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March 1st, 2006 WW Editorial Staff | Winners & Losers
 

Harlot-bashers and money-grubbers.

     
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WINNERS

Amen to free speech! Hallelujah for hellfire evangelists! Street preacher Edward Gathright, known for lambasting harloty women and sinnin' gays in Portland's public places, got a dose of vindication last week from the 9th U.S. Circuit Court of Appeals. The court ruled the city shouldn't have booted the man of God from downtown events.

Kazillionaire Warren Buffett's MidAmerican Energy got the go-ahead from state regulators for a $9.4 billion buyout of PacifiCorp, Oregon's second-largest utility. Customers shouldn't expect any rate reduction to celebrate. In fact, PacifiCorp has filed a request for a 13 percent rate increase.

And the winner remains...supporters of Portland's public campaign finance rules. Election officials said Tuesday that their recount of signatures turned in by opponents of the new rules again fell short of the number needed to get a repeal on the May ballot.

LOSERS

Taking the view that Paul Allen can't be dumb enough to think he can get one public dime for his Trail Blazers, the billionaire team owner still rates a loser. You don't have to be a conspiracy theorist to believe Allen's hat-in-hand tour could be a cover that lets him plead poverty in Portland so he can sell the team and go buy the Sonics in his beloved Seattle. If that isn't loserly enough, check out how Allen's Blazers are actually playing these days.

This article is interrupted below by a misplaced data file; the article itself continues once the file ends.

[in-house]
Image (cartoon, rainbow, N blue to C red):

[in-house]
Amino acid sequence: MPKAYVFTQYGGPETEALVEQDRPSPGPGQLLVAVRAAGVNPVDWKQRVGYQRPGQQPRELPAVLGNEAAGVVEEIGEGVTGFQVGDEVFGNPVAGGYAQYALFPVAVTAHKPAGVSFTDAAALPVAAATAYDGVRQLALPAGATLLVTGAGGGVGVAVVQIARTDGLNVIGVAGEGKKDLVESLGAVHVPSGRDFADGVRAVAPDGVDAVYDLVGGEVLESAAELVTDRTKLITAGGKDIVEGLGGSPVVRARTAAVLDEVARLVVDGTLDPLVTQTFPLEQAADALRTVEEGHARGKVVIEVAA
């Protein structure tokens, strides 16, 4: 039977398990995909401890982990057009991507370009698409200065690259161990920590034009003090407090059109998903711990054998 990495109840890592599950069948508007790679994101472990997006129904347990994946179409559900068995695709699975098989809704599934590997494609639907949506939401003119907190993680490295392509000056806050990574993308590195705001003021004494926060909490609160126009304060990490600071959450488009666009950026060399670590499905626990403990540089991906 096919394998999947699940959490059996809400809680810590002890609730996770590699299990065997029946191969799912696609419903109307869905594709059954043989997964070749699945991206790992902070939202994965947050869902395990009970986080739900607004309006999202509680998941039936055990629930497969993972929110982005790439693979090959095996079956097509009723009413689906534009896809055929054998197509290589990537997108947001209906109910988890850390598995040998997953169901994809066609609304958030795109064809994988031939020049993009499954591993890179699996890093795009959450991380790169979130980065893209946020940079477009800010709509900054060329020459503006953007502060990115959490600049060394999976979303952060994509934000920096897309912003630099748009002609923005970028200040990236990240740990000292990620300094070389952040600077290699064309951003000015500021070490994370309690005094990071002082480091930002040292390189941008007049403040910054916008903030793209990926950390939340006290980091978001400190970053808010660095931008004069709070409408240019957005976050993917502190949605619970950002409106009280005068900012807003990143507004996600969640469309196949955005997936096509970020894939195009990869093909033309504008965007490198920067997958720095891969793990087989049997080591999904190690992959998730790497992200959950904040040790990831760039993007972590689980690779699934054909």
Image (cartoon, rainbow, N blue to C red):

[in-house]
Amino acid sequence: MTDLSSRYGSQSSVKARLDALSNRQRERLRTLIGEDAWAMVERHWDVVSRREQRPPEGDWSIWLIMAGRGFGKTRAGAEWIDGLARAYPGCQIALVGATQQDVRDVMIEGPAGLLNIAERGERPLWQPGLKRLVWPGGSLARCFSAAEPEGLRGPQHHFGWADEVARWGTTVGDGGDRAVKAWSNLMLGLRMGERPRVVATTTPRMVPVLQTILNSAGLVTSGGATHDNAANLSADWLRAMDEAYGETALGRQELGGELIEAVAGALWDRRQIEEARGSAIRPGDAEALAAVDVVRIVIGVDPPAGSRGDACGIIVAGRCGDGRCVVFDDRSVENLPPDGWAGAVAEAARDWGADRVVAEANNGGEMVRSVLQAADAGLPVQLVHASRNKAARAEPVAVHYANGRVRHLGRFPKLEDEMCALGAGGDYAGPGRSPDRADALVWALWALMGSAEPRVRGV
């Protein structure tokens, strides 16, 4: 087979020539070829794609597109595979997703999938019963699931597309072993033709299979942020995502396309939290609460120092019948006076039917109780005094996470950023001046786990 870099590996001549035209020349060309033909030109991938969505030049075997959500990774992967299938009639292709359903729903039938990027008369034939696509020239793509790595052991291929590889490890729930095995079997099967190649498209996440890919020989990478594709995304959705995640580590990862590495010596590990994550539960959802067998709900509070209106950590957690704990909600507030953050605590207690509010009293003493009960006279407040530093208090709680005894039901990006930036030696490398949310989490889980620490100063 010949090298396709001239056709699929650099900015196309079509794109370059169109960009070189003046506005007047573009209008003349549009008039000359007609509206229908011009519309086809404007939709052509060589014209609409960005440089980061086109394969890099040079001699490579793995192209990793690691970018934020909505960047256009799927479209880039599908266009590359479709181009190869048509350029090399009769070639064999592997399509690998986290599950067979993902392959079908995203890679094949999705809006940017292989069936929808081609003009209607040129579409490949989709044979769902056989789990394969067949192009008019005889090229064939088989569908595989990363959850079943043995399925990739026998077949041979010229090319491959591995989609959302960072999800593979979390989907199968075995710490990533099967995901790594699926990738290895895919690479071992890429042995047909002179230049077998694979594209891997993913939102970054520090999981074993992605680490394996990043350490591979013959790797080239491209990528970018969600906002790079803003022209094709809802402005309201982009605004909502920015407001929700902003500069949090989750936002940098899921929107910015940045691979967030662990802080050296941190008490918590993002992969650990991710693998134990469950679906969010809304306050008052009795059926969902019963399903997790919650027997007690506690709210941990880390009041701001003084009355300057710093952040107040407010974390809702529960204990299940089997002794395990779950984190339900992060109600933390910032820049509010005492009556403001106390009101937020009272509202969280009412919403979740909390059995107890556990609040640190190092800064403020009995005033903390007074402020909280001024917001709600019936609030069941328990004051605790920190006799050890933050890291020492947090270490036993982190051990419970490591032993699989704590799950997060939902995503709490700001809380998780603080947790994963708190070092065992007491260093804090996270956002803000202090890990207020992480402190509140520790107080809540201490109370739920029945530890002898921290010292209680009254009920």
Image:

Portland's payday lenders are now on the hook for $1,500 each—the amount of an ongoing annual permit fee passed unanimously by the City Council last week. The council's new law doesn't cap the lenders' yearly interest rates, which often top 500 percent, but it does require them to offer struggling borrowers a payment plan and the right to change their minds about a loan within 24 hours.

Backers of the troubled proposal to relocate the Fire Bureau HQ a few blocks north to Old Town from its current site near Skidmore Fountain got bad news last week. In a Tram-like development, the Portland Development Commission now estimates project costs for the move are as much as 60 percent over the city's $22.2 million budget.

 
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